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Chapter 9: regiment ordered home.--receptions.--my first call upon Governor Andrew.--return to the front.

In December I resolved to return to the regiment. My wound was not healed and my surgeon protested, but I was anxious to see the boys. Upon my arrival at Washington what was my surprise to find that I had been discharged by order of the War Department November 5, as being unable to perform military duty. With Col. Gardiner Tufts, the Massachusetts State agent, I visited the War Department and was informed that I should receive my discharge through my regimental headquarters. If ever a man had the blues I had. My sickness had cost me several hundred dollars, I was unable to perform any kind of labor, was out of money, and could not settle with the government until my papers were received; but Colonel Tufts could always make the path of a soldier smooth and he was able to secure me two months pay. From Washington I went to the regiment, which was camped near Stevensburg, Va. I waited until after January 1 for my discharge, but it did not come, and my wound was so bad that the surgeon ordered me home. Colonel Rice was in command of the regiment, Colonel Devereaux being in command of the Philadelphia brigade. I called on Colonel Devereaux, who was very indignant to learn that I had been discharged; he said he would see about it, and I knew that meant something. [79]

One day the colonel sent for me and said, “Jack, I have a letter from Governor Andrew asking that the regiment re-enlist for three years more or until the end of the war; do you think they will do it?” My answer was, “I don't know; there are not many left to re-enlist.” He said, “I wish you would go to your old company, A, and talk with them,” and I consented. The regiment was encamped on a side hill in shelter tents, and the weather was cold and rainy. I went to Company A; the mud in the company street was ankle deep and everything was as disagreeable as possible. Giles Johnson was first sergeant. I talked with him and asked him to “fall in” the men. Thirteen responded to the call,--all who were on duty of the grand company which had left Massachusetts in 1861. I repeated the story the colonel had told me, then asked for a response from them; for a moment all were silent, then Ben Falls said, “Well, if new men won't finish this job, old men must, and as long as Uncle Sam wants a man, here is Ben Falls.” Then spoke Mike Scannell: “It is three years, as you know, since I have seen my wife and children. I had expected to go home when my time was out and stay there, but we must never give up this fight until we win, and I am with you to the end.” Others expressed themselves in the same way, and when I said, “All who will re-enlist step one pace to the front,” every man in line advanced.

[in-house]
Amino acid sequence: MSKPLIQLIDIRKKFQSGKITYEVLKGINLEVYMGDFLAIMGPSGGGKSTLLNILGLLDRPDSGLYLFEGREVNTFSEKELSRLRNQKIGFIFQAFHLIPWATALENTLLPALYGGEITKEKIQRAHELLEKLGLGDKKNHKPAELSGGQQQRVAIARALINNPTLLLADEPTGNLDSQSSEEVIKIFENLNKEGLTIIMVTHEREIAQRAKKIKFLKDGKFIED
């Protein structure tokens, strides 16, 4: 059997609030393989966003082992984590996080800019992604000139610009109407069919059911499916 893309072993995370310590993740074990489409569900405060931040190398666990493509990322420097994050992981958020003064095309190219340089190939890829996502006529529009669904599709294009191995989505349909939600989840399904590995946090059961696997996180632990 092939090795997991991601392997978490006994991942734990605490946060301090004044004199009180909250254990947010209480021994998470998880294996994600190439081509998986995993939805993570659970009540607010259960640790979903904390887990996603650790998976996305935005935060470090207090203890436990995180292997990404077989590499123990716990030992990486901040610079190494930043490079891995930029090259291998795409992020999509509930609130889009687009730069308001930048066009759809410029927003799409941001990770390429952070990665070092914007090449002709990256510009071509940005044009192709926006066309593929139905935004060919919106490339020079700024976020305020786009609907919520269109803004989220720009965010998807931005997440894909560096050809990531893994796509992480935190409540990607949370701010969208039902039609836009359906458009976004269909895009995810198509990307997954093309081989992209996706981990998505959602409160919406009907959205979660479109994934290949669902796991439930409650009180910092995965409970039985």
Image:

I then saw men of other companies. Ed. Fletcher of Company C said, “They use a man here just the same as they do a turkey at a shooting match, fire at it all day, and if they don't kill it raffle it off in the evening; so with us, if they can't kill you in three years they want you for three more, but I will stay.” I next saw Michael O'Leary of [80] Company F and asked him if he would re-enlist. Mike threw his cap on the ground, struck an attitude and said, “By the gods above, by the worth of that cap, I never will re-enlist until I can be with Mary Ann without the stars and stripes waving over me.” But I said, “Mike, they are all going to do it.” “They are? Then Michael O'Leary must stay.” A large majority signed the re-enlistment role, and December 20 they were mustered in for three years more, or until the end of the war. In this instance, as in nearly every other where the soldiers and the government were concerned, the government did not do as they agreed. The conditions of the re-enlistment were, that the soldier should at once have thirty-five days furlough and transportation to his home. Our men did not receive theirs until Feb. 8, 1864, nearly seven weeks after they had re-enlisted. The weather was very severe, many were sick and all were unhappy.